Friday, May 20, 2016

Horses, Horses, in the End the Light Remains Pure






















Perhaps on a first reading of Horses, Horses, in the End the Light Remains Pure, what first remains is a sense of distance imparted to the reader, although written and published in the immediate months after the disaster that hit Fukushima and the North East in 2011, Furukawa's blend of fiction and non-fiction, travelogue and memoir creates a space for contemplation and presents various perspectives of narrative, early on in the book the phrase 'use imagination for the good' reaches out and stays with the reader. With it's blend of voices Horses, Horses searches out for the narratives not found in official history books in an attempt to reclaim and present the authentic, there is a fascinating use of allegory within Furukawa's telling of the history of the horses associated with the area of the North East, in particular with Soma City which carries within it's name the word horse, reading this allegory and the way Furukawa has structured this element of the book brought to mind Julian Barnes's A History of the World in Ten and 1/2 Chapters, which similarly presents an alternate allegorical perspective of history. Furukawa pinpoints two figures from medieval Japan, Hideyoshi Toyotomi and Oda Nobunaga in his observations of historical paths.

The main branch of narrative of Horses, Horses is of Furukawa caught between writing projects and of the sequence of the events of the disaster unfolding, his personal history of this period is examined and then returned to when being both in and outside of Japan. This proceeds with him and colleagues from his publishers hiring a car to travel to the area to see how close they can go, (the slowly enlarging red circles of the exclusion zones feature), Furukawa toys with the notion of exposing himself to the radiation, and confronts suicidal feelings unexpectedly arising that he assumed he had over come in his youth. There's a measured economy to the prose, the reader very much gets the sense that although with the literary experimentation, the dipping into fiction and non-fiction, (in places in a talking direct to the camera type of way, with the appearance of a character from one of his novels in the car that they are travelling in), Furukawa is not attempting to place words where they cannot be placed, it very much feels that apprehension is never too distant from the surface.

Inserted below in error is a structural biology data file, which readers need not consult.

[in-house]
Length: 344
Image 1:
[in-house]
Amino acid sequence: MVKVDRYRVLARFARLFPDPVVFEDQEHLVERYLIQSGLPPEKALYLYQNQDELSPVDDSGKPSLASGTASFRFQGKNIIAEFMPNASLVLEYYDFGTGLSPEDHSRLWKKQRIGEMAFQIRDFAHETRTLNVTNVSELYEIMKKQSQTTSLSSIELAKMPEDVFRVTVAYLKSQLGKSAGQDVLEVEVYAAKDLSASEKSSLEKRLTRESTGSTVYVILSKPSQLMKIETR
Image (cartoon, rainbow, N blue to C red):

Along the way there are number of names referenced, one of the first being The Beatles in particular their songs Strawberry Fields and Tomorrow Never Knows, with it's screeching sound at it's beginning which sounds similar to that of the squawk of a gull, poetically evocative of being at the coast and in a way a warning cry. A number of Japanese writers are mentioned, in particular Miyazawa Kenji and Nakagami Kenji, both writers Furukawa obviously has an affinity and strongly identifies with, similar themes and motifs appear in their works, animals, and the sense of alternate histories being written and born out of alternative myth. Another aspect that appears whilst reading the book is a rather pensive sense of apprehension and fear, this is highlighted in the quote that Furukawa borrows from Nakagami, and Furukawa later examines this fascination of dates - 3.11 - 9.11, and of how these events cannot be confined to a single day, although the book has the subtitle - A Tale That Begins With Fukushima, it also feels that it resembles a memoir of an approach. Throughout these narratives there are incidences of subtle poetical examinations of the second part of it's title - that of light and in one place the prose arrives at a stop and Furukawa turns to poetry to express himself. Throughout it's various modes of narrative Horses, Horses moves and posits questions in equal measure.


Horses, Horses, in the End the Light Remains Pure, translated by Doug Slaymaker and Akiko Takenaka is available via Columbia University Press
            

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